Employer Takeaways

Given imminent cannabis legalization, many Illinois employers are presently updating their policies and procedures.  Other states’ experience suggests Illinois employers may soon confront increased recreational marijuana usage, as well as additional workplace marijuana possession, use, and impairment.  Employers should consult outside counsel for help in revising policies and addressing new marijuana challenges in the workplace.

Medical marijuana developments present another set of challenges for employers in many states, Illinois included. Those issues are not impacted by the Legalization Act as amended.

The Illinois amendments both clarify and expand employer options by comparison with the original Legalization Act. Fundamental questions remain across the country, however, about how employers should view marijuana and its effect on work. Is widespread marijuana use in one form or another inevitable, in which case should employers continue investing the time, effort, and expense associated with rigorous pre-employment and employee testing efforts? Or is that question misguided because it ignores employer needs (safety and productivity among others) to test for other drugs no matter what happens with marijuana-related developments? Either way, recent marijuana developments and related uncertainty about developments to come are forcing companies to re-think when to test, whom to test (what positions or job categories), what to test for, and how to make sure decisions based on test results comply with the varied but generally expanding protections for both recreational and medical marijuana use.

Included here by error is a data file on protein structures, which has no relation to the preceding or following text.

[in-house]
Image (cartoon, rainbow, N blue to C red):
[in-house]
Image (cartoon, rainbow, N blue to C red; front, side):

In a sense, Illinois employers caught a break with the Legalization Act amendments —  a break not only from the original Legalization Act, but also from a larger state law trend towards always requiring employers to prove impairment to justify adverse action based on marijuana use. This follows from the widely recognized view that  a marijuana-positive result by itself says virtually nothing about impairment at work. Though it may no longer be required in Illinois, a best practice for employers who test current employees for marijuana is to establish a strong record of impairment independent of a marijuana-positive result. That would include thorough, contemporaneous documentation of the reasons employees are sent for reasonable suspicion testing. It could include an accident investigation report that rules out non-drug-related causes where circumstances warrant that conclusion.

Marijuana testing may remain a valuable tool for helping employers maximize productivity, reduce turnover, and avoid workplace accidents and injuries. But it is only one tool, and one met with skepticism if not outright antipathy in a growing number of jurisdictions. For now, Illinois is no longer among those. In this uniquely evolving area (many would say industry), however, change is the only agreed upon constant.

For more information on this or any related topic, please contact the authors, your Seyfarth attorney, or any member of the Workplace Safety and Health (OSHA/MSHA), or Cannabis Law Practice Team, or the Employment Law Practice Group.

By Brandon L. Dixon and Erin Dougherty Foley

Seyfarth Synopsis:  The Americans with Disabilities Act (ADA) not only provides protection to individuals who have physical or mental impairments, but to individuals an employer may perceive to have such impairments.  These cases can be challenging for employers to defend, and the recent Sixth Circuit case, Babb v. Maryville Anesthesiologists, P.C., demonstrates how failure to appropriately identify and communicate about an employee’s perceived (or actual) impairment can create obstacles to a successful defense.

Maryville Anesthesiologists employed Paula Babb as a Certified Registered Nurse Anesthetist (CRNA).  About a month into her employment with Maryville, one of its physician-owners, Dr. Coleman, noticed that Babb was placing her face usually close to a computer screen at work.  Babb explained to Dr. Coleman that she suffered from a degenerative eye condition.  While it meant she had to hold medical records close to her eyes to read them, Babb assured Dr. Coleman that her eye condition did not impede her ability to safely perform her duties as a CRNA.